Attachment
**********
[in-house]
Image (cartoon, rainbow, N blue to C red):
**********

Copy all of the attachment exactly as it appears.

[in-house]
Image (cartoon, rainbow, N blue to C red):